Friday, March 17, 2017

Building a CI tool from scratch in one hour

Is a CI server the right answer for your team? Do you need a CI tool? "Well, that's obvious!". Is it? You may be surprised! 
This is a lesson I learned about the Agile Principle #10: "Simplicity - maximizing the amount of work not done - is essential." 

A simple CI chain, providing essential feedback to the developer

We need a CI tool

In most software development projects, someone will say the sentence "We need a CI server" - usually right at the start of development, before the first line of code is written. In an extreme case, a company paid many thousand Euros to set up a CI chain before any developer was using it. Tools like Jenkins, Hudson, Bamboo and the likes pop into mind right away. They are very good at what they do.

When I worked with one organization that had been using Atlassian's Bamboo from day 1, I talked to a senior developer who took personal responsibility to create the best possible CI process that developers could get. He jested that setting up a build chain in Bamboo required a master's study in Atlassian tooling.

This leads me to pose the question: "Do we need the complexity that a CI server creates to achieve the goal we want to achieve?"

CI isn't rocket science

In its simplest form, CI doesn't do more than retrieve the latest commit from the version control system, create a new build, deploy it - and run the tests. Developers are informed about the consequences of their actions, and that's it. Of course, complexity can be added as needed.

Do you really need a magnificient tool to do this? Is it worth sinking hours (or days) into configuring and maintaining a platform to do this trivial job for you?

My claim: You don't need a standard out-of-the-box CI tool!

How to create a CI tool

We were in a training setting. It was a Certified Scrum Developer course provided by Andy Schliep. It was fun and we were building a training application (real, working software!) in Ruby. Andy set a constraint for the Definition of Done "Works on this machine".
There was eight of us in the course creating Ruby code - so we needed Continuous Integration. In a training setting, we didn't have a CI server, nor the time to set one up. So, we reduced it to the essentials. "What do we really need from CI?"
A developer story was born.
Since we had a cool gadget from blink1, Andy added the Acceptance Criteria here: "The light must be red on a failed build and green on a successful build." Blink1's API is very simple, so we got going.
Even if we had used Jenkins, the integration with our blink1 USB light would still be an open point.

Since I love Shell, I started writing some Shell code to access the blink1 LED:
  ~/tools/blink1-tool "--$1" 2>&1 >/dev/null
This small function snipped would allow me to set the color of our blink1 LED to anything I wanted, for example, red, blue - or green.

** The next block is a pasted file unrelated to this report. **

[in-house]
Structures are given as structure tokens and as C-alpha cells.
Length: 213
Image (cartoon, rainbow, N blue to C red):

The next thing I needed was the failure state:
  blink red
  echo "CI step failure." | log
  exit 1
Of course, I'd also need a success state, which looked pretty much the same.
Like that, I could already "fail the build".

We then brainstormed which activities we would need in our CI. We ended up with the following sequence of actions:

  1. checkout the latest code from github
  2. install the bundle
  3. clean the database
  4. run the tests
  5. start the server

If all five activities succeeded, we would call this a successful build and "pass the build".

The main control logic of our CI looked like this:

  for task in checkout install_bundle clean_db run_tests; do
  do_task $task
  ( succeed )
  do_task start_server

Of course, we still needed to fill the logic for each task step, so we did that, too. Tapping into the knowledge of my teammates as to what exactly needed to be done, I wrote functions for each task as well. It looked pretty much like this:
  git_feedback="`git pull`"
  echo "$git_feedback" | log
  [[ "$git_feedback" == "Already up-to-date." ]] && return 1
  return 0

After we had the essentials down, we started polishing the code a little, adding extra features such as turning the light blue while the build was in progress.

Everything together, we spent roughly one hour to create this "CI tool" which served it purpose. It is less than 100 lines of code and can be viewed here. Of course, I should have added unit tests - but we were content with doing every unit test manually, because this was only a training exercise and I didn't have my Shell unit testing framework at hand.


You don't need to add the complexity of "yet another platform to maintain" to your development unless there are pressing reasons. Try looking into this question: "Who needs what - and what is the minimum we need?" Talk with the team, discover the real need and find the simplest way to reach your purpose.

Only add extra tools when you have sufficient evidence to prove that a few lines of code can't meet the same purpose. Remember: Every tool adds complexity and work.

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